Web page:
The time between infection and shedding of first larvae (prepatent period) is 1 to 2 months.
Harm caused by Angiostrongylus vasorum, symptoms and diagnosis
Angiostrongylus vasorum is quite harmful to dogs. Migration of L1-larvae through the lung tissues can cause interstitial pneumonia, bleedings and subsequent granulomas (accumulation of immune cells that try to neutralize the foreign organisms). Chronic infections can cause fibrosis in the affected tissues (i.e. substitution of the damaged original tissue by connective tissue). Adult worms in the heart and the pulmonary artery can disturb coagulation, and cause anemia and even heart failure. Occasionally larvae may reach the left ventricle and be transported to unusual organs (e.g. eyes, brain, kidneys, etc.) by the arterial blood system.
Clinical signs are variable in time and intensity. Progressive cardio-respiratory signs are often observed: chronic cough, difficult breathing, suffocation, loss of appetite, chronic fatigue, weight loss, etc. Sometimes skin hematomas, ascites (accumulation of fluid in the peritoneal cavity) and vomits are observed. Nervous symptoms (loss of muscle coordination, slight paralysis, impaired vision, seizures, etc.) can occur if the central nervous system (CNS) is affected. There are also reports on fatalities due to acute infection, mainly in young dogs, and also on death due to obstruction of the pulmonary artery, rupture of the femoral artery and heart failure.
Diagnosis is not trivial. It is based on clinical signs and history. Larvae can be detected in the feces (Baermann technique), but shedding being intermittent false negatives are possible. Consequently the tests must be repeated. When shed, up 300'000 larvae per gram of excrements can be found. Radiographic examination and hematological tests are not specific but can be indicative. Direct echographic visualization of the worms (as with Dirofilaria infections) is not possible because Angiostrongylus vasorum worms are much smaller.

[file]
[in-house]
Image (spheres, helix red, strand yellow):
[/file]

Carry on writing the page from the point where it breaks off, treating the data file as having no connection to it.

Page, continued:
Prevention and control of Angiostrongylus vasorum infections
Best prevention is to keep dogs away from potentially infected preys (frogs, lizards, rodents, etc.) but this is often not feasible for sheepdogs, hunting dogs, and generally for dogs in rural regions.
A few dog wormers are approved in some countries for the control of Angiostrongylus vasorum (e.g. emodepside, fenbendazole, ivermectin, levamisole, milbemycin oxime, moxidectin). But they often require a special treatment regime to be determined by the veterinary doctor. It is not always clear at which extent they are effective against adult worms (i.e. for curing established infections) or against larvae (i.e. for preventing infections).
In any case precautions must be taken, because killing too many worms too quickly can cause a rapid release of antigens in the treated dog, which can lead to anaphylactic reactions, to some extent comparable to those that can happen with Dirofilaria infections. Such post-treatment reactions (e.g. serious difficult breathing and ascites) often require a supportive medication.
There are no vaccines against Angiostrongylus vasorum. To learn more about vaccines against parasites of livestock and pets >click here.
Biological control of Angiostrongylus vasorum (i.e. using its natural enemies) is so far not feasible.
You may be interested in an article in this site on medicinal plants against external and internal parasites.
Resistance of Angiostrongylus vasorum to anthelmintics
So far there are no reports on resistance of Angiostrongylus vasorum to anthelmintics.
This means that if an anthelmintic fails to achieve the expected efficacy, chance is very high that either the product was unsuited for the control of Angiostrongylus vasorum, or it was used incorrectly.
Ask your veterinary doctor! If available, follow more specific national or regional recommendations for Angiostrongylus vasorum control.